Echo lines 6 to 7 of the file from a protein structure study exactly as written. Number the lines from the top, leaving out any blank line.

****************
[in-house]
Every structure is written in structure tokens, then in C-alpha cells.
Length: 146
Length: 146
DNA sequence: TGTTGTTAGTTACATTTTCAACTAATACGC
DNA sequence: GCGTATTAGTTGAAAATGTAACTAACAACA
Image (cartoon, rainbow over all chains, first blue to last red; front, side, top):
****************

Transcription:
DNA sequence: GCGTATTAGTTGAAAATGTAACTAACAACA
Image (cartoon, rainbow over all chains, first blue to last red; front, side, top):